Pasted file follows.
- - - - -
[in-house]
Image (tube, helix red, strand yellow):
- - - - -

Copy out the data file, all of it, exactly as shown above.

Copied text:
[in-house]
Image (tube, helix red, strand yellow):